They also generally don't have aggressive buyers out for a good deal. They rely on the companies tendering to compete with each other to produce a good deal. Sadly, it's usually "sealed bids" so it's down to the simply taking the lowest bid rather than make the tenderers bid each down in an auction fashion.

    3. Glenturret Single Malt

      Re: A thought

      Just like deluded hifi aficianods who pay outrageous amounts for exotic metal cables.

  7. Pangasinan Philippines

    History repeating itself

    I remember back in 1971 when the UK changed to decimal.

    Hiding price increases was easy when the public were confused by the new coins.

  8. Anonymous Coward
    Anonymous Coward

    Slightly OT, but I continue to be amazed at how much retailers will overcharge for products like cables. I had a conversation with my Dad recently - he'd needed a new USB cable for his phone, and had got on in a local shop for a couple of quid.

    A few days later he'd been in a big store and seen the same sort of cable on sale for something like £15. He got in touch with me, paranoid that he'd bought something substandard and that it might damage his phone or laptop.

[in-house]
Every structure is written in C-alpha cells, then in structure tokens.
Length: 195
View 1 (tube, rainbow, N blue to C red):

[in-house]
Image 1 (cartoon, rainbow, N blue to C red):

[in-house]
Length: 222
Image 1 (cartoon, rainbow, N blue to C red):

It took quite some time for me to get him to believe that literally the only appreciable difference between the two was the price

    1. TechnicalBen Silver badge

      I really need to...

      Upgrade my "fee" from a cupcof tea, beer or dinner to a fully catered and furnished 3 day trip away to a tropical island with martinis. Why? Well at that price my services of "turning it off and on again" are much higher srandard thancthe £300 the local IT shop charges!

    2. wyatt

      To an extent I agree, however when you look at how the cable is comprised there can be a number of differences. Quality of the connectors and the gauge of the wire are all factors which a cheap cable may scrimp on meaning slower charge times and other issues.

      1. The Indomitable Gall

        @wyatt

        " To an extent I agree, however when you look at how the cable is comprised there can be a number of differences. Quality of the connectors and the gauge of the wire are all factors which a cheap cable may scrimp on meaning slower charge times and other issues. "

        The problem is that many pricey cables in shops are just cheap cables in a nice packet.

        The only objective measure of USB cable quality is resistance on the +5V line -- a poor cable will have a higher resistance, meaning slower charging. Funnily enough, even though I own a multimeter, I've never checked my cables for this... must start doing so.

        1. Francis Boyle Silver badge

          I on the other hand would rather not spend several hours faffing around trying to fix a problem only to discover it was due to an intermittent fault in a dodgy cable. Call that a subjective measure of quality but it's important to me. In fact I have a general rule: software's buggy enough as it is without the additional complication of random hardware failure so paying a bit extra for known good hardware is money well spent.

          Of course, cables are a bit of a special problem. With the exception of that Google guy they're not something people tend to review. Then again there was a time that was true of PSUs.